Nanoscience and Nanotechnology

p-ISSN: 2163-257X    e-ISSN: 2163-2588

2017;  7(2): 34-37



Processing and Characterisation of Banana Fiber Reinforced Polymer Nano Composite

Rahul K., Madhukar H. Shetty, Karthik Madhyastha N., Pavana Kumara B., Kenneth Paul D’Souza, Loyd D’Souza

Department of Mechanical Engineering, St Joseph Engineering College, Mangalore, India

Correspondence to: Rahul K., Department of Mechanical Engineering, St Joseph Engineering College, Mangalore, India.


Copyright © 2017 Scientific & Academic Publishing. All Rights Reserved.

This work is licensed under the Creative Commons Attribution International License (CC BY).


Natural fiber reinforced composites materials are gaining enormous attention among academicians and researchers off late. The sustainability and ecofriendly nature, in addition to easy availability and low cost are the main reasons. Several combinations of fiber and filler contents are being tried to come up with materials with enhanced tribological and mechanical properties. The present work deals with the processing and characterisation of banana fiber reinforced epoxy composites with Nano silica filler. The composite material samples were fabricated by pouring a mixture of epoxy and reinforcement into an open mould. Curing was done at room temperature under pressure. Different combinations like 3, 4 and 5%wt of banana fibers along with 0.1% wt of Nano silica fillers were used. The specimen were tested for various mechanical, wear and water absorption properties. It was found that the addition of Nano silica greatly enhanced the wear behaviour of the composite. However slight decrease was reported in the hardness of the material.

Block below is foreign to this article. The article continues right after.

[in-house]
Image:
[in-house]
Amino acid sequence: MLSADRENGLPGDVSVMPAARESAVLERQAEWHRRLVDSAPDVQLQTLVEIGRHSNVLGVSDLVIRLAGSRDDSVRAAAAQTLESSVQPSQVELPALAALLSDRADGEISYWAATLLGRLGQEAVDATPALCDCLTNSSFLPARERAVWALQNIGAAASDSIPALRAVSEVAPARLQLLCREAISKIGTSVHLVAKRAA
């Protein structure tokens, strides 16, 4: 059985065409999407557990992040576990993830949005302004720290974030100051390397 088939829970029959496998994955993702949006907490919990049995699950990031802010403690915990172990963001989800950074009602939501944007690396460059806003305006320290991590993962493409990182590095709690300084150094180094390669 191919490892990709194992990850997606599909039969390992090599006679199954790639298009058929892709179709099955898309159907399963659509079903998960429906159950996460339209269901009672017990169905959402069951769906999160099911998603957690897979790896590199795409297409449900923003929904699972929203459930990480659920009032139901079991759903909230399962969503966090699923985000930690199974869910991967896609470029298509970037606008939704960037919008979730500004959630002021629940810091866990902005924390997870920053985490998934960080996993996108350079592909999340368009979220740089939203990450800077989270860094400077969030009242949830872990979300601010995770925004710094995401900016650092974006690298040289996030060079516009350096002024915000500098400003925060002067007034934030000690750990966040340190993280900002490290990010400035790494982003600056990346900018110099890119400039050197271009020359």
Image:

Keywords: Epoxy, Banana fibers, Nano silica

Cite this paper: Rahul K., Madhukar H. Shetty, Karthik Madhyastha N., Pavana Kumara B., Kenneth Paul D’Souza, Loyd D’Souza, Processing and Characterisation of Banana Fiber Reinforced Polymer Nano Composite, Nanoscience and Nanotechnology, Vol. 7 No. 2, 2017, pp. 34-37. doi: 10.5923/j.nn.20170702.02.

1. Introduction

A composite is a macroscopic combination of two or more multiphase distinct materials, having an interface between them. Composite materials are composed of two phases. One is the matrix, which is continuous and surrounds the other phase, often called the dispersed phase or reinforcement.
Mankind has been aware of composite materials since several hundred years before Christ and has applied innovative ideas to improve the quality of life. Historical examples of composites are abundant in literature. Significant examples include the use of reinforcing mud walls in houses with bamboo shoots, glued laminated wood by Egyptians (1500 BC) and laminated metals in the forging of swords (1800 AD). Over the past few decades, as a result of research and innovation, a wide variety of composite materials have been developed which have proved to be useful in almost all fields of science and technology.